Americans Anxious About Personal Financial Security

A majority of consumers use chip cards or plan to use them soon, and more than half currently use mobile digital payments via an app or Website.

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More than three-quarters (77 percent) of consumers are concerned with their financial information or social security number (SSN) being stolen or compromised, higher than even concerns about their email being hacked (62 percent), according to a Braun Research survey of 1,000 consumers.

The survey, which was sponsored by MasterCard, found about half (48 percent) of consumers believe they are most responsible for protecting their own financial information from being stolen or comprised.

While 92 percent of Americans feel they take precautions to protect their financial information, roughly half (46 percent) rarely or never change their passwords or online financial accounts.

In addition, 44 percent use the same password for multiple online accounts, and more than a third (39 percent) have checked their financial data online on public networks.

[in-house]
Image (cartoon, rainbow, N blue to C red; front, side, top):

"It was surprising to see that the data does not show big swings in behavior or technology adoption by generation," Beth Kitchener, business leader for U.S. markets communications at MasterCard, told eWEEK. "This may be because consumers, regardless of age, recognize the importance of protecting their financial information. And in today’s digital world, taking an active role in one’s own protection goes hand in hand with embracing new technologies."

A majority of consumers (69 percent) use chip cards or plan to use them soon, and more than half (56 percent) currently use mobile digital payments via an app or Website or plan to try it soon.

Perhaps the most intriguing finding of the survey was that 55 percent of respondents said they would rather have naked pictures of themselves leaked online than have their financial information stolen.

"We are all human," Kitchener said. "The good news is that consumers are optimistic about the change ahead and actively embracing new technologies and services that will counter security concerns."

A majority (83 percent) of consumers said they are excited about new secure technologies helping protect their financial information, and 77 percent feel there are more secure ways to pay than ever before.

The vast majority of respondents (88 percent) said they also trust that their payment network is arming them with secure technologies to protect them from fraud.